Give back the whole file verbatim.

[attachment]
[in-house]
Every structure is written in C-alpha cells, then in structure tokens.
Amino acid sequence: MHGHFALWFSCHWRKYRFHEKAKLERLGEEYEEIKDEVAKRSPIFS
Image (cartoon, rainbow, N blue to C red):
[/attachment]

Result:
[in-house]
Every structure is written in C-alpha cells, then in structure tokens.
Amino acid sequence: MHGHFALWFSCHWRKYRFHEKAKLERLGEEYEEIKDEVAKRSPIFS
Image (cartoon, rainbow, N blue to C red):